Megabucks for Gauteng
Gauteng government plans to raise an earth shattering R6 billion in own revenue this year to compensate for cuts for equitable share and alleviate spending pressures particularly in the social delivery departments.
Furthermore planning for the Gauteng’s first new highway since the 1970s, namely the PWV 15 is earmarked for this financial year.
That’s according to Finance MEC, Barbara Creecy during the tabling of her fourth budget of the fifth administration themed ‘Financing Gauteng’s new dawn’
at the Gauteng Legislature.
Creecy tabled a whooping R121.2 billion budget for 2018/19 financial year which is upped by R9,1 billion, or 8% from the previous year which she said was a significant increase in tough economic times.
.“This budget sets out how Gauteng Government funds its commitment to equity and social justice, it outlines how we use our massive procurement spend to improve public facilities, transform our economy and create work” reasoned Creecy.
She revealed that, Health and Education departments are the biggest beneficiaries of this year’s budget with the Health Budget increasing by R4.4 billion and Education by R3.4 billion.
“Also, benefiting from a large increase is the Department of Roads and Transport whose budget increases by R700 million this year,” she said.
Creecy also divulged that, overall R31.8 billion has been set aside for infrastructure programmes over the next three years which include building new schools, rehabilitating health facilities, upgrading roads, renovating hostels to become family units and building houses and serviced stands.
“The Gauteng Government’s R42.2 billion infrastructure spend has made a major contribution to stimulating economic activity, creating employment and raising living standards in communities across our province over the last four years” said Creecy.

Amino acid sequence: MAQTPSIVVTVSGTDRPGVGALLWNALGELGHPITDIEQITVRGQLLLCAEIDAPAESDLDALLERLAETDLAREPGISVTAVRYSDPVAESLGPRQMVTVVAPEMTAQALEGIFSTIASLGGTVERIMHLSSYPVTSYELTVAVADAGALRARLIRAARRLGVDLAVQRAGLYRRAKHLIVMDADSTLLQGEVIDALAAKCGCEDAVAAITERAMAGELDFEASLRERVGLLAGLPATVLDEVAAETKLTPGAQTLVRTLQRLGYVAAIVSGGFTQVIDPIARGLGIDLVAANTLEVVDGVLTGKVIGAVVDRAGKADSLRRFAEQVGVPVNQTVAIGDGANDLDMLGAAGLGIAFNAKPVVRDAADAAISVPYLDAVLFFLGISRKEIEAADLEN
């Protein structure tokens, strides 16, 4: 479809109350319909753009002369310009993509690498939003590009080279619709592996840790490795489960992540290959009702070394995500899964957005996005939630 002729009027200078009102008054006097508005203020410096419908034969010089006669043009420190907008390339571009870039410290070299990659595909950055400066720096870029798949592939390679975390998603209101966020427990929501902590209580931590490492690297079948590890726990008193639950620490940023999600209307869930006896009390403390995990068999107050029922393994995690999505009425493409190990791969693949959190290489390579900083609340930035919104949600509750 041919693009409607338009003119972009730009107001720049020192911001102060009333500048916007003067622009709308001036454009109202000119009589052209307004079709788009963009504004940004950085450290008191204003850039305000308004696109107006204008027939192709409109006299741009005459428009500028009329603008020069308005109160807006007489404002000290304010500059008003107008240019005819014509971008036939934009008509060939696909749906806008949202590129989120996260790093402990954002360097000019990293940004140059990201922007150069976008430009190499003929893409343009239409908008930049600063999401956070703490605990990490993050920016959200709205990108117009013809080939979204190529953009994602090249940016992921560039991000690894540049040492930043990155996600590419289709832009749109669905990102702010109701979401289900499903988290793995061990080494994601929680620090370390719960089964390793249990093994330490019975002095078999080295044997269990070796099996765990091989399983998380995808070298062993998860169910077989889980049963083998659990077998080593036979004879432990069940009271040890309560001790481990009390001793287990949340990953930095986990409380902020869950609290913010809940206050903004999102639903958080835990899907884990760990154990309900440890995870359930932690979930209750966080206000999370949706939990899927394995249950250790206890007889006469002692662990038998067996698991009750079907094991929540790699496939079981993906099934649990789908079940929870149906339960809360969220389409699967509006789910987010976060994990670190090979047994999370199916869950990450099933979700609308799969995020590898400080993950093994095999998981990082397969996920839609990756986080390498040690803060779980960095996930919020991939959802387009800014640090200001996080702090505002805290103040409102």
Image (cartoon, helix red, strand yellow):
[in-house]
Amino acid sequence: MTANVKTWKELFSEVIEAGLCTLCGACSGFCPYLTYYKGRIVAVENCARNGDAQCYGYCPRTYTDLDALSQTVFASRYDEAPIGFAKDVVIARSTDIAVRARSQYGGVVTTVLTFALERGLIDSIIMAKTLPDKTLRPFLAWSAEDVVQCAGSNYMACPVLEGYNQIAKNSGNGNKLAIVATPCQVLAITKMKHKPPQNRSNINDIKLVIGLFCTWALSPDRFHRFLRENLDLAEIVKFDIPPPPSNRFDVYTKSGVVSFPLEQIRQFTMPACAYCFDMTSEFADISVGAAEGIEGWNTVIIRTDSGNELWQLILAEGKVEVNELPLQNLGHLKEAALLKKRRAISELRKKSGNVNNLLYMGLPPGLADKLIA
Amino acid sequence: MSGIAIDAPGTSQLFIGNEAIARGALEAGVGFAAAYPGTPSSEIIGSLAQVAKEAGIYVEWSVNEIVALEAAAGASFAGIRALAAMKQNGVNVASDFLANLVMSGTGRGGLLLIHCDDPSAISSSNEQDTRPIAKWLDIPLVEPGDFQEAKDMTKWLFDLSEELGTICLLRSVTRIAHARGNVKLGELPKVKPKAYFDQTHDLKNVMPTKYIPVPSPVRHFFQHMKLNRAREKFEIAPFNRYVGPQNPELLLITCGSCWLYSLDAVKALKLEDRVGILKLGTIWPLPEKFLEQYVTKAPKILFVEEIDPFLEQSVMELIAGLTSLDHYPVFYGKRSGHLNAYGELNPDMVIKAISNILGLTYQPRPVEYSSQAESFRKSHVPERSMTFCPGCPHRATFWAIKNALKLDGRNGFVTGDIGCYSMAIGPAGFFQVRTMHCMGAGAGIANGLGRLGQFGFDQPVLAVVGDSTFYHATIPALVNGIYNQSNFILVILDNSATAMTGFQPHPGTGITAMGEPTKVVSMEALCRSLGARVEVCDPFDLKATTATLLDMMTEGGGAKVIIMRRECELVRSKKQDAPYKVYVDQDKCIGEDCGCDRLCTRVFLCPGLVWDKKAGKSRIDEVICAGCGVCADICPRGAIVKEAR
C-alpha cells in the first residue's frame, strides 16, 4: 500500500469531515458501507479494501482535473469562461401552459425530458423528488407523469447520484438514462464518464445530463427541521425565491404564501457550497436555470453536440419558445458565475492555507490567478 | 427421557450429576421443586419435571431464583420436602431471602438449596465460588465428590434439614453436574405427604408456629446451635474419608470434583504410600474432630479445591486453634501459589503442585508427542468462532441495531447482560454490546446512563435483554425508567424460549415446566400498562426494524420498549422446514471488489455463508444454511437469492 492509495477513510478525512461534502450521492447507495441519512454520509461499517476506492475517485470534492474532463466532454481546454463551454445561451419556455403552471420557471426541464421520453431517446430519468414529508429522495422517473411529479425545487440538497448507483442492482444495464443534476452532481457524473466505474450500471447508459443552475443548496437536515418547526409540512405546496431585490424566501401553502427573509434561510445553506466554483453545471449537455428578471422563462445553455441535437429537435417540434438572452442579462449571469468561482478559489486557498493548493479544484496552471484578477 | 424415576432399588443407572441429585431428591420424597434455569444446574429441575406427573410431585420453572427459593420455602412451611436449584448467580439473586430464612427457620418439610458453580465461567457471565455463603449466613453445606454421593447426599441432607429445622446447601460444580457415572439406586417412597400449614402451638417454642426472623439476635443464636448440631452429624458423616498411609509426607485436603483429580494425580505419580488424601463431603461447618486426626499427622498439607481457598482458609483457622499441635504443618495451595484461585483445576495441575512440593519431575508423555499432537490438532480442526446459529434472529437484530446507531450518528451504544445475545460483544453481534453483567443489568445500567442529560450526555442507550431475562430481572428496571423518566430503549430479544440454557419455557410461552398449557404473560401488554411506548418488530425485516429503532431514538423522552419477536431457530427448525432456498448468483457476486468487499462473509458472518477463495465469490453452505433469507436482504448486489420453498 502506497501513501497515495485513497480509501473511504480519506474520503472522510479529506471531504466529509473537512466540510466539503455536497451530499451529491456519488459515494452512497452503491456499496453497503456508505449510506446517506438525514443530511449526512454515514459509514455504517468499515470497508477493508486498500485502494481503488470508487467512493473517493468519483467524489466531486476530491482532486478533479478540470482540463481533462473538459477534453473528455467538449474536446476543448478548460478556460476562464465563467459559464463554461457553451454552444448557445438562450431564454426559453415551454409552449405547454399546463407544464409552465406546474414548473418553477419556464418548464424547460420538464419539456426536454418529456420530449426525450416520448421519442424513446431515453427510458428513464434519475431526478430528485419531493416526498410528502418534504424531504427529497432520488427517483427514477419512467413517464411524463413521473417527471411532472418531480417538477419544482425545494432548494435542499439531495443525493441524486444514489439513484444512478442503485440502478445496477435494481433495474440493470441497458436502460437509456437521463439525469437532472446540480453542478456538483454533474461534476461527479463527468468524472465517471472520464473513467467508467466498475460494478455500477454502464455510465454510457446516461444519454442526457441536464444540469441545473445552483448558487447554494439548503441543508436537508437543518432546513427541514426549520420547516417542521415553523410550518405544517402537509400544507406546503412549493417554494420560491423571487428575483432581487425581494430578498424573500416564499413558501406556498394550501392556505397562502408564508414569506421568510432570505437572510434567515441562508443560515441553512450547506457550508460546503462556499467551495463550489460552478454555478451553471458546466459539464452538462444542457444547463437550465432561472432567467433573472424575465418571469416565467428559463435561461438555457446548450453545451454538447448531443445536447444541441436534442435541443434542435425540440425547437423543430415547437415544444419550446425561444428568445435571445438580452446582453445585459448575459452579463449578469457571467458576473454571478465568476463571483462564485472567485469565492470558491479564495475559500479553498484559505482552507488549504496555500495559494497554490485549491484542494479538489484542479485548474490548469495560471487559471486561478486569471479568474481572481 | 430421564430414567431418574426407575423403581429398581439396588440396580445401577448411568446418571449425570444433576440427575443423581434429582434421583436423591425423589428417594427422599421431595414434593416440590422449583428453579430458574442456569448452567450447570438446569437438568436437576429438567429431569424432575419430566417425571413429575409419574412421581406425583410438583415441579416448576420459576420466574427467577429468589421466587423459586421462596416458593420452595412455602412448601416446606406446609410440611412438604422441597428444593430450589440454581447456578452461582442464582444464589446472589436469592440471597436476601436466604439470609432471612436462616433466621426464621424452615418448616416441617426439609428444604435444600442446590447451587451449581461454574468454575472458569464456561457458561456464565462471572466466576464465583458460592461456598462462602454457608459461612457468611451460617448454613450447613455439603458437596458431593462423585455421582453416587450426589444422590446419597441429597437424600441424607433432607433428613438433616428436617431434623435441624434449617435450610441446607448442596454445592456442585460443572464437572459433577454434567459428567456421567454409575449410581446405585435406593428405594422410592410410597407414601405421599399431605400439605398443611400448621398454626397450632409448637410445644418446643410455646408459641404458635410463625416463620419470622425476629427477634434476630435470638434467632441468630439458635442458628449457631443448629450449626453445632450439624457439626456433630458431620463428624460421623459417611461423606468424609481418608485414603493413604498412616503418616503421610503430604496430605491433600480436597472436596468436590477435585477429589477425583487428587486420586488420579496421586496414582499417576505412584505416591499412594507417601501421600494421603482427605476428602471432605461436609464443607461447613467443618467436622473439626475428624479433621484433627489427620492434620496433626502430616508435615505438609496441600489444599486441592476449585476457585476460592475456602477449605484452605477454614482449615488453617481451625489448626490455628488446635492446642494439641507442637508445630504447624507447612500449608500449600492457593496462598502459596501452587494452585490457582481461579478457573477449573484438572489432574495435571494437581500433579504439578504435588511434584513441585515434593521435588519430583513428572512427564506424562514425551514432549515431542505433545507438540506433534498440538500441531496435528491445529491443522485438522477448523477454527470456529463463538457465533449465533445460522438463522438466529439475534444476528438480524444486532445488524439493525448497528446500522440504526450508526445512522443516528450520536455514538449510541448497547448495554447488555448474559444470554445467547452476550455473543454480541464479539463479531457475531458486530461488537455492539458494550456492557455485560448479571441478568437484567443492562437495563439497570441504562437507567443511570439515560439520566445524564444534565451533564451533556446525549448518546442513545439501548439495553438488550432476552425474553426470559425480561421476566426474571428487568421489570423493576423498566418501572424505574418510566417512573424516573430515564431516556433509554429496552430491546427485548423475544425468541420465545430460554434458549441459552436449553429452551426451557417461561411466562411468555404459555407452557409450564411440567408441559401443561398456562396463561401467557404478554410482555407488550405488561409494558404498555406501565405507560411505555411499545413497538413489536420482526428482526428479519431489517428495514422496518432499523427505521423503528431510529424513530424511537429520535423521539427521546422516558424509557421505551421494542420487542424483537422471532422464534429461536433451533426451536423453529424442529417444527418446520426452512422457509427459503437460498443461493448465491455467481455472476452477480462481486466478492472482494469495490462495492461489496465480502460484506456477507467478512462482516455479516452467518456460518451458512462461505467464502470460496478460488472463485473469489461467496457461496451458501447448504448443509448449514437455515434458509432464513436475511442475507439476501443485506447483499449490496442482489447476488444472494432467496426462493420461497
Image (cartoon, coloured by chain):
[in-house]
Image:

The MEC stressed that the Gauteng Provincial Government was on cloud nine and proud of its track record in using governments massive procurement spend to drive meaningful transformation, empowerment, job creation and economic inclusion in the mainstream economy.
“Over the last four years R57.7 billion has been spent on procuring goods and services from 12 041 firms owned by historically disadvantaged individuals. Included in this overall figure are 7488 companies owned by women, and 5539 companies owned by youth and 2145 companies owned by people living with disabilities.”
She also noted that in these times of rising direct and indirect taxes, citizens have a right to know that their taxes are put to the best possible use, and that this government is not squandering them through poor financial management or ill-conceived programs and projects.
The soft spoken MEC also reminded the packed to the rafter’s house that the Open Tender procurement process remains the Gauteng Provincial Government’s flagship programme to ensure systematic elimination of irregular expenditure.
“To date 75 projects have now progressed successfully through the system. In the coming year, all new departmental tenders will be publically adjudicated.
“All Gauteng Departments and Municipalities have worked hard to ensure better financial management and greater public accountability in the use of public funds. All provincial departments and entities and all Municipalities can now boast unqualified audits with two thirds of provincial Departments getting clean audits,” pointed Creecy.
See below highlights of the departmental allocations.
Health R46.4 Billion.
Education R45.2 Billion.
Roads and Transport R6.4 Billion over the medium term.
Human Settlements R16.2 Billion.
Economic Development R1.5 Billion.
Arts , Culture and Recreation R942 million.
Office of the Premier R23.6 million.
Social Development R4.9 Billion.